Weekly Legislative Update, April 1st

Welcome back to the Weekly Legislative Update. This blog is written and maintained by Dan Baribault. In this week’s update, we look at the House and Senate Sessions on March 25th, the insurance committee’s inability to move bills forward, fights over the rainy day fund, and calls to clear house at PURA.

House and Senate Sessions, March 25th

Both chambers of the Connecticut Legislature met last Monday. They simultaneously covered judicial, executive, and legislative appointments from superior court judges to new commissioners for various state agencies. With all committee work wrapping up this week, we expect that beginning next week or the week after, session days will become more frequent.

Insurance Committee Fails to Advance Any Legislation

Two weeks ago, the insurance committee cancelled two meetings that would have served as their opportunities to pass legislation to the chambers. Now, their deadline for advancing bills has passed and any hope for relevant legislation lies in the hands of other legislators. The policy proposals must now be amended in to existing bills that have made their way to the House or Senate.
Insurance committee Co-Chairs Sen. Cabrera and Rep. Wood apparently failed to reach an agreement on a mental healthcare parity bill. This caused a rift between the leadership that resulted in the cancelation of the final two meetings. Speaker of the House Matt Ritter said, “It’s a byproduct of years of adversarial relationships that just keeps boiling over, and everybody could have been better than they were.” Both Rep. Wood and Sen. Cabrera have assured that they will make every effort to find legislative vehicles for the policies brought before the committee.
The full story is by Jenna Carlesso of the Connecticut Mirror and can be viewed here.

Fights Over The Rainy Day Fund Intensify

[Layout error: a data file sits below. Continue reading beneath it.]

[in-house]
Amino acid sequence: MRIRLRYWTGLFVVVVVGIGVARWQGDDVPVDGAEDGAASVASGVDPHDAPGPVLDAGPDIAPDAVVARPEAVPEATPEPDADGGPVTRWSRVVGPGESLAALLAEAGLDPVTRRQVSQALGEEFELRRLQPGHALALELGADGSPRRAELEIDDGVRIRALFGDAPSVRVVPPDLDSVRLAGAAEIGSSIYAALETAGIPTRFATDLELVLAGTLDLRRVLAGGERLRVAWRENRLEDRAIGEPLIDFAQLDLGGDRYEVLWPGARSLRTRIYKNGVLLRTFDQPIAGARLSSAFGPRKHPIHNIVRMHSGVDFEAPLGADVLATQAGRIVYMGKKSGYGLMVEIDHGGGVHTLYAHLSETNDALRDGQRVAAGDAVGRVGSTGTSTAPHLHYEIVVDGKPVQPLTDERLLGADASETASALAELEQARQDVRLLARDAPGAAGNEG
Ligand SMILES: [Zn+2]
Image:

Top Democrats including Speaker Ritter and President Pro Tempore Looney have called on Governor Lamont and his office to loosen the budgetary guardrails. The top legislative Democrats argue that it is time to use some of the funds saved. They want to use the money to help fund childcare, education, and social services. The Governor argues that this move would violate the established principles of the fund and risk others trying to dip into the $3.3 billion available.
The full story is written by Keith Phaneuf for the Connecticut Mirror and can be read here.

Minority Leader Candelora Confronts Governor Lamont on PURA

The Republican House Minority Leader, Vincent Candelora, submitted a letter to the Office of Governor Ned Lamont concerning the leadership at the state’s Public Utilities Regulatory Authority (PURA). In the letter, Candelora states that PURA Chairwoman, Marissa Gillett, is actively interfering with both the legislative and executive branches’ power concerning utility rate controls. Moreover, the Minority Leader has called on the Governor to fill two vacant positions on PURA’s board. The Governor has declined to appoint new individuals, stating that there is no interest in changing the current membership.

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